In his biannual report to Congress on the behavior of America’s trading partners, the U.S. Secretary of the Treasury said China was no longer a “currency manipulator.” The report downgraded the country to the “monitoring list” of 10 economies kept under watch to ensure their trade policies are not unfair and detrimental to U.S. interests.

Germany, Italy and Ireland are the three European countries on this list of potential currency manipulators.

Save for the detail that they don’t have their own currencies.

The three countries have been members of the eurozone since the creation of the common currency 20 years ago. And they don’t have a central bank that could “intervene in the foreign-exchange market” — one of the three criteria on which the U.S. would base a decision to declare them currency manipulators.

But hold the laughter: Washington has a point. Looking at the arguments made in the U.S. government report, it is clear that on Germany and Italy the document could have been written by European Commission or European Central Bank officials. Indeed, the same points have been made over and over again in recent years, to urge Berlin and Rome to reform their troublesome economic models.

Of course, the U.S. looks at it from the standpoint of its own national interests: Germany has a sizable trade surplus with the U.S. — $67 billion in the year ending in June, 2019. But U.S. President Donald Trump’s administration is right to point out that the country’s massive current account surplus, $283 billion over the same period, results from “lackluster demand growth” and the advantages offered by the euro, which cannot strengthen as much as it would if it was just Germany’s currency. The report calls this Germany’s “undervalued real effective exchange rate.”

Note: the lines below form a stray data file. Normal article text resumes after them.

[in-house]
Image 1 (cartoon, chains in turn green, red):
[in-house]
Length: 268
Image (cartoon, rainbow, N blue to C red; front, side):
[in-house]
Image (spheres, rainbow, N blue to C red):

As for Italy, the U.S. Treasury report is also right to point out that the country’s sizable surplus results from the country’s persistent lack of growth and inability to decide or implement the reforms that would tackle the economy’s long-term problems.

None of this would shock the EU and ECB officials who have repeatedly called on Germany to reform its export-oriented economy and loosen its fiscal policy, and on Italy to get serious about structural reforms.

But the Treasury report also helps to highlight Europe’s problem with the rest of the world. The eurozone’s massive current account surplus creates a damaging imbalance for the global economy. It is now larger than China’s, and will amount to €390 billion this year, according to the EU’s forecast. That would amount to 3.2% of GDP; the U.S. administration starts worrying about its trade partners when that number is above 2%. It has shrunk from the post-crisis high of 3.8% of GDP, but remains high enough to make the rest of the world feel that Europe is exporting its economic problems through its current account.

Trump has often tweeted his frustration about the ECB when it lowered rates, hinting that it was weakening the euro on purpose. But the U.S. Treasury knows better, and pointedly notes that the ECB “has not intervened on foreign currency markets since 2001.” In any case the level of the euro is not a central bank policy target — and could hardly be, considering the economic differences between the 19 member states.

But Washington cannot be faulted for its policy prescriptions for Germany and Italy. They seem to have been copied-and-pasted from the most recent ECB releases and EU reports.

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